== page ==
He says some professors are against the use of automated proctoring as well, but some are being told to use such tools. Adjuncts, in particular, are reluctant to speak out publicly because they are concerned for their jobs.
Grama says he understands that professors are concerned about potential cheating when everyone is spread out and unsupervised. But he sees plenty of professors designing tests that defy cheating without requiring constant monitoring. “Professors need to make effective tests,” he says. “I know it requires more work and maybe a little more creativity, but it is something that is possible.”
Students on other campuses agree. In a recent staff editorial in the Daily Illini, the student paper at the University of Illinois, students made a forceful case calling for professors to design better assignments and tests instead of turning to surveillance tools. “Students have already spent the majority of this year stressed out and anxious about the state of the world. They shouldn’t have to worry about whether they are doing enough to convince the robot proctor that cheating is not occurring,” the students wrote. “Some departments have made tests take-home or open-note, and some have scrapped tests entirely in favor of essays, projects and other assignments that can be done over time. These are the types of accommodations necessary during a pandemic — not an Orwellian proctor service.”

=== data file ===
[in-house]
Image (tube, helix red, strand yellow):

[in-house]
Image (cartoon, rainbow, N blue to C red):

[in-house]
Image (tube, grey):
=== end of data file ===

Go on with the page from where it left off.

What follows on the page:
But the attention may not be having the desired effect, as business is booming for Proctorio and other companies that sell automated proctoring services.